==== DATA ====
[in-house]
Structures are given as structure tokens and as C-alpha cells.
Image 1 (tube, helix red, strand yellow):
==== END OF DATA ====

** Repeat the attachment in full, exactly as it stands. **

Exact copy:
[in-house]
Structures are given as structure tokens and as C-alpha cells.
Image 1 (tube, helix red, strand yellow):